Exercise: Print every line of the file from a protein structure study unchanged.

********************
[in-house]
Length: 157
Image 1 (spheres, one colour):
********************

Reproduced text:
[in-house]
Length: 157
Image 1 (spheres, one colour):